Thursday, January 10, 2008

10 Key Wine Terms to Help You Bluff with the Best

So you DO know the first thing about wine, but need to know the second. Well, try slipping these terms into you next wine discussion – preferably not all in the one sentence.

Acidity - Acidity is like the ‘pucker level’ of a wine, or how much it makes you smack your lips, or your saliva run. Acidity can add that zesty or crisp aspect to a wine, but if too acidic can make the wine appear quite tart or out of balance.

Balance – This has nothing to do with being able to remain vertical after a full day wine tasting tour. Balance is how the acidity, fruit, oak, sugar, alcohol, and tannin of a wine blend together so that the whole wine is balanced. In a well-balanced wine no one aspect should overwhelm the others.

Body - This describes the ‘weight’ of the wine in your mouth and is related to alcohol levels and fruit flavour.

Length – This is the sustained impression of the wine across the palate, once it leaves your mouth. Despite what people say length is important!

Finish - The final impression a wine leaves after you have swallowed it. Does the wine leave your mouth feeling clean, creamy, or fury?

Creamy – This is often used to describe Chardonnay or Viognier. It is a character of a wine that has undergone malolactic fermentation (a secondary fermentation). Leaving the mouth with a richness and that creamy feeling.

Oaky – This is the toasty, smoky, spice or vanilla aromas and flavours that come from aging the wine in oak barrels. Sometimes wine can be aged in French or American oak barrels, or both. Barrels made from French oak are generally thought have more subtle oak flavours than those made from American oak.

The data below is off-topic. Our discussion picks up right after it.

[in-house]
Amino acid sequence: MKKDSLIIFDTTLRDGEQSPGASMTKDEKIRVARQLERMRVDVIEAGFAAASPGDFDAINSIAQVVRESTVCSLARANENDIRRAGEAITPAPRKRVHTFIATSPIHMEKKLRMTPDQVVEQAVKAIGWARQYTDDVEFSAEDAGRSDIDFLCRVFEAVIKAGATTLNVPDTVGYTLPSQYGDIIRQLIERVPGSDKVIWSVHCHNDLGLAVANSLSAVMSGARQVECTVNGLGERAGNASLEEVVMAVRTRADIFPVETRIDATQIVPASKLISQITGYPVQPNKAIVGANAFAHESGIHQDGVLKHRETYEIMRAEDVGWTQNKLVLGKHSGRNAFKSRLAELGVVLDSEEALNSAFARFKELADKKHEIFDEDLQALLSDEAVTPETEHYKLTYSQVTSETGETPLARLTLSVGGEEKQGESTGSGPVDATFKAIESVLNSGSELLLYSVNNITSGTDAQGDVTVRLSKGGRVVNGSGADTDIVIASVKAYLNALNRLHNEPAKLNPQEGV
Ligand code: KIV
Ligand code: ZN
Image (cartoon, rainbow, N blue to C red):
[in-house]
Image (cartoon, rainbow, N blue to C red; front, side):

Tannin – This is predominantly a red wine term. Tannin adds to the texture of wine and gives you that furry drying feeling on your gums and inner cheeks. It’s the same mouthfeel from black tea. When there’s a lot of tannin in a wine it can make your mouth feel very dry. Tannin can come from oak, grape seeds and stalks, but mostly grape skins.

Astringent – A harsh, dry sensation in the mouth caused by high tannin or phenolic levels. People tend to use the word ‘phenolic’ to describe astringency in white wines and the word ‘tannic’ to describe astringency in red wines.

Phenolic – It is a feeling produced from a natural compound in grape skins, seeds and stalks. It can cause wine to taste bitter and harsh.

During Rich & Lingering’s private food and wine tours, these terms will be used on a random basis. Normally by the end of the day we try to keep words to single syllables.


  1. Hey..there thanks for posting this 10 key wine terms..It will really help me a lot because I'm not quite familiar to wine..

  2. Not a problem. Any other questions, dont hesitate to ask. Remember - there's no such thing as a silly question, only silly people!